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British Industrial History

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Edward Baker Green

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Edward Baker Green (1822-1906)

1907 Obituary [1]

EDWARD BAKER GREEN, born on the 1st June, 1822, was educated at Colebrook House Academy, Islington, and served a pupilage of 5 years to Richard Tress, Architect and Surveyor, of London.

On completing his articles, he was employed for several years by the late Robert Stephenson, Past-President, on the Tithe and Enclosure surveys.

From 1843 to 1853 he acted as manager for his father, who was a prominent London coal merchant, and in the latter year he engaged in business on his own account as a wheelwright, smith, and contractor. He designed and erected his own works at Limehouse, and the lathes and other machine tools employed were also of his own design and marked a distinct advance on the machinery then in use.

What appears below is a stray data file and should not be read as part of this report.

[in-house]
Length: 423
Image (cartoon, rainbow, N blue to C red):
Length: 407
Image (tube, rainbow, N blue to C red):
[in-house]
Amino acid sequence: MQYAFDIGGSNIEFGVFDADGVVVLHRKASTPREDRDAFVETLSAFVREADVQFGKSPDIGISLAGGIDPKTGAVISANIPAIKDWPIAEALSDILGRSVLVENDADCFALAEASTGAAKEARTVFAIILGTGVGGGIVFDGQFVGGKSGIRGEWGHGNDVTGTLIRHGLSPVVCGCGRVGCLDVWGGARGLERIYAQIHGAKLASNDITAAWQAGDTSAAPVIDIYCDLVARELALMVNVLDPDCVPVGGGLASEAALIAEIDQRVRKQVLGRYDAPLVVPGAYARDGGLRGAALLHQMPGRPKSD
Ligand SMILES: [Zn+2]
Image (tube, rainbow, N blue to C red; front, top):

Later he designed several other machines, including an improved planing-machine, and also perfected a system of timber-drying. He also constructed a fleet of barges, and engaged, for a short period, in lighterage work on the Thames for the Chartered Gas Co and others.

In private life, Mr. Green was an enthusiastic and devoted student of various branches of natural science. He was a member of the Microscopical Society and the Queckett Society, and in the field of microscopical research he undertook a valuable inquiry into the structure and functions of root-hairs. He was also a good geologist and field botanist and always took a keen interest in outdoor life and pursuits. His scientific attainments and personal qualities rendered him very popular in social circles, and his death on the 2nd January, 1906, at the advanced age of 83, was widely regretted.

Mr. Green was elected an Associate Member of The Institution on the 10th April, 1888.

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